Andrew G Haldane: Thirty years of hurt, never stopped me dreaming

Speech by Mr Andrew G Haldane, Executive Director and Chief Economist of the Bank of England, at the Institute for Government, 30 June 2021.

The views expressed in this speech are those of the speaker and not the view of the BIS.

Central bank speech  | 
02 July 2021

At the end of September I leave the Bank of England, 32 years almost to the day since I joined. Most would say that is a decent stint, but in Bank terms it is just really getting started. My personal assistant, the brilliant Sandra Mills, has just completed 44 years. The Bank's company secretary, John Footman, is just about to clock 52 years. I never was a completer-finisher.

It has not, of course, been 30 years of hurt. I have loved almost all of my time at the Bank. I promised myself one thing when I joined – that I would only stay as long as it was interesting. It has been interesting for 32 years. Events made it so. And it remains no less interesting now. I tell the Bank's new entrants I can promise them only one thing: they will be telling their families and friends about this moment in history and, uniquely, they can write its next chapter. As a public servant, this is as good as it gets.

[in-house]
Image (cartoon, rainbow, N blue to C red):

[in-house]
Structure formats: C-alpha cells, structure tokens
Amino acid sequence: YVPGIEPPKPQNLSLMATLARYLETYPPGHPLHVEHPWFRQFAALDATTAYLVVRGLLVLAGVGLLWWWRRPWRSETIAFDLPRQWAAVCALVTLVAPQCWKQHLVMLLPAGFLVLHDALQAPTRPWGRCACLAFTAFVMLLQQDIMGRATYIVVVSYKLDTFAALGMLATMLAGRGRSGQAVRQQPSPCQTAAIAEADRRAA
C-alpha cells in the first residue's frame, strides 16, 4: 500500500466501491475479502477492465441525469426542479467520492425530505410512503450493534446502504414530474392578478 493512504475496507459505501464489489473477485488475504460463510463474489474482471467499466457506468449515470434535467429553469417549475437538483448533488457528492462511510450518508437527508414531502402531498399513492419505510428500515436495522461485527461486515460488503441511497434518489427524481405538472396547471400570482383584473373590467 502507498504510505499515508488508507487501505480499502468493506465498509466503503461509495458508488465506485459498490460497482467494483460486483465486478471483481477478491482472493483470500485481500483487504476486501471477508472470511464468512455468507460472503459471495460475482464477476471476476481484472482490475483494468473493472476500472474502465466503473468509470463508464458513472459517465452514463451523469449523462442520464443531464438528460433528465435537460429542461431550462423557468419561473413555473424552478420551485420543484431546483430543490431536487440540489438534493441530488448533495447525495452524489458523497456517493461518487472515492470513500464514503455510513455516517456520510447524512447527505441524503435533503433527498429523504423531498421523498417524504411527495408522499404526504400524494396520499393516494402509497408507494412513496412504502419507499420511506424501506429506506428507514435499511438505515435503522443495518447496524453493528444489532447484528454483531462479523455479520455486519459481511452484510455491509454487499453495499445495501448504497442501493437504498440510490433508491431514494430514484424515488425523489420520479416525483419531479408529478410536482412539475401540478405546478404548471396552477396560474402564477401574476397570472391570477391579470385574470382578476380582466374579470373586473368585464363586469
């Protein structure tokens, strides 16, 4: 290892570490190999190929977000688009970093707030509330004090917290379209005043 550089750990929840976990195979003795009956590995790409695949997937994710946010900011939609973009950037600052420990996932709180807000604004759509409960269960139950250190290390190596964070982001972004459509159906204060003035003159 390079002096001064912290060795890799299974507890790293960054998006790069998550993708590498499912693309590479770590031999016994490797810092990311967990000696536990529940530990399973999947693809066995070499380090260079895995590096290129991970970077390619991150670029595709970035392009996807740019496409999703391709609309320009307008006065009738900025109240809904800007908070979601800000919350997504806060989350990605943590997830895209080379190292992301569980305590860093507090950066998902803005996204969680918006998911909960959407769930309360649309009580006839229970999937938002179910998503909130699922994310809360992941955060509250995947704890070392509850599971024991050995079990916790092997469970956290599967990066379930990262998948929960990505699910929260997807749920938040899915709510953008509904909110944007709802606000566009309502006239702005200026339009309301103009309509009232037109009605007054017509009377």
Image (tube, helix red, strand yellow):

Any lengthy career in public policy will inevitably be punctuated by crisis. In my case, crises have provided not just the punctuation marks, but most of the words, sentences and paragraphs too. In public policy, crises are the ultimate learning experience. They are also the moments when the Overton window of opportunity is widest and the opportunity for change greatest. Crises are moments of challenge and opportunity in equal measure. I am very fortunate to have experienced plenty of both.